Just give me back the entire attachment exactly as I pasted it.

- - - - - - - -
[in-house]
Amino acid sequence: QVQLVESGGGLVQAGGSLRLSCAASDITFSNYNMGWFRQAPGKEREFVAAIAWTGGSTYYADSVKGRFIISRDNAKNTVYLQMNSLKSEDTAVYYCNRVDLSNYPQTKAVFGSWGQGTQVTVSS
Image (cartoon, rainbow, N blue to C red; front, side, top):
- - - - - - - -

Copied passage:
[in-house]
Amino acid sequence: QVQLVESGGGLVQAGGSLRLSCAASDITFSNYNMGWFRQAPGKEREFVAAIAWTGGSTYYADSVKGRFIISRDNAKNTVYLQMNSLKSEDTAVYYCNRVDLSNYPQTKAVFGSWGQGTQVTVSS
Image (cartoon, rainbow, N blue to C red; front, side, top):